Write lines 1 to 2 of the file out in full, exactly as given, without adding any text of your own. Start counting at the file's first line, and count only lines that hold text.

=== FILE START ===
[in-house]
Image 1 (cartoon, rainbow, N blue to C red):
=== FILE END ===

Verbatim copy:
[in-house]
Image 1 (cartoon, rainbow, N blue to C red):